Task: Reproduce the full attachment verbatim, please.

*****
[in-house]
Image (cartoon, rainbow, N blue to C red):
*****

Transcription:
[in-house]
Image (cartoon, rainbow, N blue to C red):